What was missing from Mariam's menu was what attracted my notice in the first place: palm-nut soup. That I found in the smaller, brighter and cozier Restaurant Afrique.
The first time I was there, the palm-nut soup was a greasy brown emulsion filled with, in addition to some mystery meats, gumbo-style pieces of seafood. I rejoiced when I dredged up velvety mushrooms from the bottom of the bowl. The second time I ordered the soup, the restaurant had a new, very amiable Liberian chef. She gave me a choice of beef, goat or chicken -- I ended up with all three. This time the broth, made buttery by ground-up palm nuts, was more of one mellow mind. The meat had the perfect fall-apart texture it gets when it's cooked almost to the point of toughness, then patiently simmered into submission.
Afrique has many items available only by ordering ahead, including the tasty-sounding plantain fufu and the groundnut (peanut) soup. You can order as well a specialty of the Liberian chef, a delicious, softly grassy dish made from the dark green leaves of the cassava plant. Afrique also recently began serving a breakfast of fried fish with homemade sweetbread, which I intend to go back and try.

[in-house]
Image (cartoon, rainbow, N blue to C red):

By now I had sampled so many new things that, back at Mariam's, I decided to go all the way: I ordered the isiewu, described on the menu as goat's head. I admit I was hoping the isiewu would be served in a skull, complete with crossed eyeballs. But when it arrived, it looked just like any other dish: chopped and simmered in a bright yellow curry with green spices. I poked around, hoping to find a morsel with a level of resistance to my fork. Finally I sampled the dish. It tasted just fine, though it carried a searing afterburn. My next bite was of something too rubbery to chew. I took it out of my mouth and examined it. It was dark gray and mottled looking.
I began to really wish that my goat's head was still intact. It's one thing to pluck out an eyeball and eat it; it's another to wonder with each bite if you'll be sinking your teeth into one. As I studied each curry-coated morsel, my imagination vanquished my appetite. Finally, I bowed out with a request for a takeaway carton.
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It was cowardly, I know. But it left me with a goal. There will be a next time. And besides, as I was quick to learn at Restaurant Afrique and Mariam's, one person's adventure is another person's comfort food.
Mariam's African Restaurant Quisine, 9725 Bissonnet, 778-0241; Restaurant Afrique, 9625 Bissonnet, 773-1400.
Mariam's African Restaurant Quisine: buffet, $8.99 and $9.99; moinmoin, $1.50; stockfish, egusi and fufu, $10.99.
Restaurant Afrique: palm-nut soup with rice, $6.99.